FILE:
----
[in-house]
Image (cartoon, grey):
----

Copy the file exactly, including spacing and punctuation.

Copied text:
[in-house]
Image (cartoon, grey):